I still don't know...
I still don't know what wave is.
Google has boxed up its unsuccessful Wave project and handed the unwanted code to open source developers. The company announced the “Wave in a Box” project yesterday, and said it had already dished up two hundred thousand lines of Wave protocol code. Mountain View plans to beef up its existing Wave server and web client …
It looked like the bastard child of Google Documents mated with Google Mail. It had no clear purpose or compelling features that would have made it succeed. I think it was meant to be collaborative whiteboard kind of thing which would be great except it didn't do anything that couldn't be done with standard tools like mail, IM & calendar - all things Google already offers.
If Wave offered free phone conferencing, screen sharing & whiteboarding I think it may have had a lot more impact than it did.
Kudos to Google for sharing at least some of the code running it.
I think, in a nutshell, its like a bulletin board with lots of flexibility where you can invite people.
Think of creating a bulletin board for a particular topic which you only want a select group to use but you define the access (no need for central admin). Then the board has ability to attach pictures and is fast response etc.
How much of developers / users lack of interest, is due to Google never actually realesing code that worked with the Federation Protocol (and thus enabling dev's / companies to set up their own Acme Wave (as at Google IO)? That would have provided the perfect test environment for their enhancements, and also get companies keener to get on board.
Maybe I'm wrong, but I think I'm pretty much on the ball. But lets analyze what wave did
1) a thread list of conversations
2) the ability to add/remove people from a conversation
3) each conversation can post messages, reply to existing messages and nest them like a giant conversation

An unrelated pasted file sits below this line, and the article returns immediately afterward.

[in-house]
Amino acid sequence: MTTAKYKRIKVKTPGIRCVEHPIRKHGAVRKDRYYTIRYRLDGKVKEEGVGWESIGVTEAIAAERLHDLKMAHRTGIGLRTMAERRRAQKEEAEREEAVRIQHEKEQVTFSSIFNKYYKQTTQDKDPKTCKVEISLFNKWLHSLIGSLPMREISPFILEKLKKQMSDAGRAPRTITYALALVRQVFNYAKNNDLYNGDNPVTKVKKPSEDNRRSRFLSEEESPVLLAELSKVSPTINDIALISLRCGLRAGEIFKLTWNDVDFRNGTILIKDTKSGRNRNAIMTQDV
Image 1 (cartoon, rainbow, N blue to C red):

4) record timestamps of events, so you get playback
5) share media like youtube, or flash documents, also integrated with google docs etc
6) federate (fancy way of saying integrate) with external servers running the wave software
Hmmm, I've run out of things to mention.
200,000 lines of code for that???? I can tell you from PRACTICAL experience, I can deploy a similar application on your server, with some tweaking and it'll run barely past 4,000 lines of code. It'll be completely self contained, etc.
Why is it so dammed complicated? Perhaps thats why they failed.
I can't see where the other 196,000 lines of code are going..... I have a practical demonstration of something similar running on a clients server now (don't ask, I won't show you, it's a client dammit)
so can someone explain to me what I missed??
1) Thanks for explaining the google wave to many of us.
2) They need more lines of code possibly because it needs to hook into google sign on, big table and scale for all the users. Or, maybe as many of us have seen that while a demo needs barely 1000 lines of code, the real app runs into 100s of 1000s.
3) I think it failed coz it was a seperate app instead of integratinginto gmail or buzz.
Is that it was not integrated with Gmail.
That is the only reason it did not success.
If one needs to maintain both gmail and wave accounts, gmail wins.
If they were integrated, so one can choose to use either interface, the users would have embraced this app, as it's a very good one !
Google Wave is what you get when you IRC, SharePoint and PHPBB get drunk one night and decide to do something unspeakable in a needle-ridden back alley. The outcome is a lot like the Octoparrot from the Simpsons.
"Polly shouldn't be!"
Give it a few generations of revision by the open source community to discover a purpose for it, and it might be grand...but by that point, it won't be Wave anymore...
For me the key feature was the ability to plug in robots to integrate with other systems and services. This is what made it different from mail/IM etc. It could have enabled all sorts of commercial scenarios with different ERP systems having their own robots participating along with ERP users, suppliers and customers.
In that sense it was more of a collaborative, interactive workflow system than a fancy email system.
The reason it failed in this context is that the developer experience was awful. Poor documentation, non-existent test servers, lack of "local wave servers" for devs, unpredictable changes with little or no warning. The list goes on.
Compare this to the developer experience around force.com or Windows Azure. Both of these companies understand what it takes to develop good quality systems in the real world. If you buy into Google, you are buying a support nightmare. Who wants that?
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